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Non-sexual transmission of HPV 101: What you need to know

Non-sexual transmission of HPV 101: What you need to know

There is a fair chance that many instruments used by physicians and nurses in your medical practice are reusable. Metal tools, such as vaginal speculums, are used on a patient and then undergo a thorough disinfection process, before being placed in new packaging. This process can be repeated multiple times throughout the day, contingent on how many patients visit your facility. While reusable tools are standard across the industry, growing evidence suggests that this method is ineffective in several crucial ways: It is expensive, inefficient, and most importantly, potentially hazardous to a patient’s health.

Why are reusable tools a health hazard? Research has recently indicated that the human papillomavirus can potentially be spread to patients via metal reusable tools, despite rigorous attempts at disinfection. As a health care professional patient safety is your utmost priority, and the notion that HPV can be spread in your office is surely concerning. Try not to worry, however. There is a simple solution. Check out the guide below on non-sexual HPV transmission and prevention below:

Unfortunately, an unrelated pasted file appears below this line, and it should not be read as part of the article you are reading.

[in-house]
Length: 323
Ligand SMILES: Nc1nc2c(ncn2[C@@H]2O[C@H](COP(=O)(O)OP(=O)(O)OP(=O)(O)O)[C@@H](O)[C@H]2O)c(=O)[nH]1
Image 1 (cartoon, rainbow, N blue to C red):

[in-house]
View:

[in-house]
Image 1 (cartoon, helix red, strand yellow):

What is HPV?
The human papillomavirus is an incredibly common virus that can be found all over the world. According to the U.S. Centers for Disease Control, HPV is primarily contracted through sexual activity and is by far the most common sexually transmitted infection in the world today. Indeed, the source notes that a vast majority of sexually active adults will contract HPV at least once in their lifetime, and likely multiple times. The World Health Organization explained that HPV infection is so common because it can spread without penetrative intercourse – it can be passed on simply through skin-to-skin contact. For most people HPV is an asymptomatic condition that will go unnoticed, and in most cases the body will kill off the virus relatively quickly – in a matter of weeks.

So why the concern? Well, HPV is not a monolithic infection. The WHO elaborated that there are over 100 different strains of HPV. Some can lead to bothersome yet benign conditions such as genital warts, whereas other strains can be far more dangerous, heightening the risk of certain kinds of cancer.

“There are over 100 different strains of HPV.”

Cancer and HPV
Some types of HPV are dubbed “high-risk” by the medical community, because they can potentially lead to cancer, and cervical cancer in particular, the CDC reported. High risk strains – notably types 16 and 18 – can lead to the development of pre-cancerous and then potentially cancerous cells in the cervix. The source elaborated that a vast majority of cervical cancer cases – some 99 percent – are caused by HPV infection. HPV can also engender cancer in other genital areas, including the anus, vulva, penis and vagina, although such cancers tend to be rarer than other forms of the disease.